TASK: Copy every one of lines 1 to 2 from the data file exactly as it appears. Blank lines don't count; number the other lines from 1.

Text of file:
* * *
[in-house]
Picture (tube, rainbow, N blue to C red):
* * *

[in-house]
Picture (tube, rainbow, N blue to C red):